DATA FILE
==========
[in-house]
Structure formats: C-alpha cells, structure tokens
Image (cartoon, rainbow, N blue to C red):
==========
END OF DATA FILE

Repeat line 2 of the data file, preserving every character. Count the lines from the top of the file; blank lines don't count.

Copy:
Structure formats: C-alpha cells, structure tokens